Wednesday, March 31, 2010

lunctime detecting, Wednesday

I metal detected a little at lunch today. I found a dime and a few aluminum cans.


The best thing, though, was when I pulled up a can from under the weeds with the intention of recycling it. I could feel that it was full of mud, so I cut it apart with my garden knife to shake the dirt out of it.


I saw something brown and orange, and it moved. I realized I was looking at a little tail. There was little muddy salamander living in the can.


I took a picture with my cell phone camera, but I don't know if it will come out. I'll have to check that later.


After releasing the salamander, I found another can, and when I picked it up there was another salamander under it.


I turned over a cut piece of tree trunk and saw two more salamanders. All of them were 3 or 4 inches long. They were pretty cute.


Tuesday, March 30, 2010

Lunchtime detecting


I metal detected during lunch today at an extremely overgrown former house site. Finds: three rifle casings, a very old rusty nail, and a mysterious but uninteresting rectangle of metal. Still, it was a pretty day to be out.  There won't be many more chances to look around that particular spot before the leaves (and bugs) are in. I noticed, however, that the front end of the wooded and overgrown area I hunted has recently been remodeled to make way for a public sidewalk, allowing easier access to the front end of the site. It's close enough to work that I might go back to check it out.


Monday, March 29, 2010

Something lacking


I've been thinking and reading about oil painting, and over the past few days I've come to a tentative conclusion about my palette: it is missing a color.


For twenty years I have felt something amiss in my paintings. It has been nagging me inconsistently. I think I picked up some form of faulty advice or slightly skewed mindset sometime when I was in college, and this has negatively affected my painting.


I need to add black to my palette.  I have mixed my own blacks when I felt it necessary, sure, but I have never used tubed black for anything in oil painting.  Now, though, I think it would help me explore more color subtlety.


Friday, March 26, 2010

This from Wikipedia's entry on Myopia:

Chromatic aberration of strong eyeglasses

Close-up of color shifting through corner of eyeglasses. The light and dark borders visible between color swatches do not exist.
For people with a high degree of myopia, very strong eyeglass prescriptions are needed to correct the focus error. However, strong eyeglass prescriptions have a negative side effect in that off-axis viewing of objects away from the center of the lens results in prismatic movement and separation of colors, known as
chromatic aberration. This prismatic distortion is visible to the wearer as color fringes around strongly contrasting colors. The fringes move around as the wearer's gaze through the lenses changes, and the prismatic shifting reverses on either side, above, and below the exact center of the lenses. Color fringing can make accurate drawing and painting difficult for users of strong eyeglass prescriptions.
Strongly nearsighted wearers of
contact lenses do not experience chromatic aberration because the lens moves with the cornea and always stays centered in the middle of the wearer's gaze.

I experience this. I think it also has a lot to do with the "floating colors" effect I often see when looking at side-by-side complimentary color fields, or bright colors against dark.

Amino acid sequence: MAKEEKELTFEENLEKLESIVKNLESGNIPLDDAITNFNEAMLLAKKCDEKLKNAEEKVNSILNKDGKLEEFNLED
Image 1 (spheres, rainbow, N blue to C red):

Myopia in war

I think I'd be interested in reading a history of myopia in warfare. Would an ancient Greek go off to battle even if he couldn't tell a Spartan from a Persian from more than 20 feet away? Or would a guy like that (which is to say, a guy like me) just be left at home to tan hides or something? Maybe he'd be used as an advanced scout, in the hopes he'd just get caught and killed off. Maybe he'd just be likely to get run over by a chariot before he even left home.


Soldiers wore spectacles in the Civil War. Was this eyewear expensive? What if it broke? Did they tell those guys not to shoot, because it was a waste of ammunition?


In Afghanistan and Iraq, how quickly do broken glasses get replaced? Pretty quickly, I bet.


Monday, March 22, 2010

This year's brackets.

I'm a little late, but I feel that improved my odds. It must be the pressure. Anyway, this year I tried to find a balance between rationality and wishful thinking, which seems to work about as well for me as either strict pragmatism or pure idealism by themselves.
I don't have any money riding on this (in fact, I have it being obliterated in the second round) but I'll feel very proud if it works out.
Go big fat red star!

Thursday, March 18, 2010

Ide Tidings

A couple of days ago at work we received some certified mail that was returned to us unclaimed. The office secretary stamped it with the date we received it, and then when I saw it I just had to go around showing it to everyone. I photocopied it, scribbled out identifying info like addressee's last name and his city, and put the picture here for you to admire. For your benefit, I highlited the amusing parts.

Wednesday, March 17, 2010

Spring Gardening


We recently bought and ate a spaghetti squash, and I thought it was great. It's so much like pasta, yet a little more interesting. I saved the seeds because I thought it would be great to grow some this year.


Now I'm having second thoughts. They're members of the cucurbita family, like pumpkins, watermelons, and zucchini. I've grown all of those before, but had mixed results. None of it was a total failure, but the continuing fight against diseases and insect pests, combined with the huge amount of garden space, means that the effort-to-payoff ratio has been pretty slim.


I don't want to give up on those things altogether (I especially like the idea of growing huge jack-o-lantern pumpkins), but I think if I avoid that family of vegetable for a year or two, it might make my garden a little more free of the pests that also prefer them when I eventually get back to them. Might. Probably not, but maybe.